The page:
Manuel and Ignacio

DSC_2283

Last Friday night after the opera, my friend and I were walking around the Machado. We meet a 23 year old Aztecan named Manuel, who told us he moved to Mazatlán two years ago from the interior of the country because he wanted to live on the beach. He said he loves it here, but misses home.

His totem or spirit animal is the jaguar, and he was gifted the skull and pelt of a baby jaguar when he was younger. Apparently that little baby killed a few cows, and the farmer then killed him. Manuel wears the taxidermied piece as a headdress, along with extensive feathers and beadwork that he makes, and often sells, to make a living. He and his friend Ignacio perform on the Plazuela Machado most weekend evenings, Manuel told me. Click on any photo to enlarge it or view a slideshow.

Nacho, Manuel’s friend, is only 19. Manuel dances and Nacho plays the drum. Manuel tells me that his father taught him to dance the traditional way as soon as he learned to walk, and he’s been dancing ever since. He jumps, spins, and uses fire in a pottery incense burner. He tells me there are dances he can perform in public, and those he can not as they are private to the community. He speaks a bit of Nahuatl, but not as much as he’d like.

Welcome to Mazatlán belatedly, Manuel and Ignacio. Obviously I need to get out more often, lol, as it’s the first time I’ve met you. I very much enjoyed meeting you both, and your performance. Thank you for sharing a bit of your culture. I hope to see you both again soon and learn more.

Mezcaltitán: 3 Hours South of Mazatlán

island Aztlan

Mezcaltitán is a small manmade island town that is the ancestral home of the Mexican people. Archeological evidence shows it may be the legendary island of Aztlán, from where the Aztecs (the Mexica) departed in 1091 AD on their long journey to settle Tenochtitlán in the Valley of Mexico.

Called the “Mexican Venice,” Mezcaltitán did remind us of Italy. Perhaps more of Isola dei Pescatori on Lago Maggiore than of Venezia, but definitely worth the visit. It’s streets often flood in September; its houses, streets and electric transformers are built and located accordingly. The island is very pedestrian-friendly as there are no cars, only a very few four-wheelers. It is a gorgeous Pueblo Mágico: beautiful old homes and buildings, a charming church and plaza, an informative history museum, handicrafts, excellent seafood, friendly people, serene views and wildlife all around.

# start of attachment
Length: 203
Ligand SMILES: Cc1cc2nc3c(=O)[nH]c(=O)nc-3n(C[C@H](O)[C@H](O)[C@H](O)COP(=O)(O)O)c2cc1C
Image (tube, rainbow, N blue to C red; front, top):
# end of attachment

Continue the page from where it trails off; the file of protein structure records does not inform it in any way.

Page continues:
Below are some of the photos we took during our day on Mezcaltitán; click on any photo to enlarge it or view a slideshow.

We very much enjoyed our visit and would highly encourage you to make the trip. You could wake up early in Mazatlán and make this a day trip, with a nice lunch and walk around Mezcaltitán. Or, you could spend the night and the following morning go out on a nearby birding adventure. Either way, very nice day trip or weekend getaway from our gorgeous home of Mazatlán.

Feast Days are June 28-29, Feasts of Saints Peter and Paul. While we were not there during the festival, I would love to attend. We’re told that it opens the shrimping season. There is a boat regatta with competing teams carrying statues of Saints Peter or Paul, and locals dress up in feathered headdresses and jaguar robes.

Directions from Mazatlán:
Drive 136 miles (219 km) south on Highway 15 toward Tepic. Exit four miles south of Chilapa at a signed turnoff for Mezcaltitán by a gas station. The road is initially paved but changes to gravel, finally arriving at embarcadero La Ticha after 28 miles (45 km).

Mexcaltitán is also accessible via a short boat ride from the dock in La Batanza, 25 miles (32 km) northwest of Santiago de Ixcuintla. Santiago Ixcuintla can be reached from Highway 15; exit at the Santiago Ixcuintla turnoff 38 miles (60 km) north of Tepic. About five miles (8 km) after the turnoff, you reach Santiago.Go through town on the main street, 20 de Noviembre, which runs by the central plaza and becomes the main westbound road out of town. Continue another five miles (8 km) to the signed Mexcaltitán turnoff, where you head right. About 15 miles (24 km) after the turnoff you reach the embarcadero for Mexcaltitán.